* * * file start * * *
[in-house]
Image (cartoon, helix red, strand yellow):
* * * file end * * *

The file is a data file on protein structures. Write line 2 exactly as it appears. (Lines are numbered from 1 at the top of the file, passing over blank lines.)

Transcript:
Image (cartoon, helix red, strand yellow):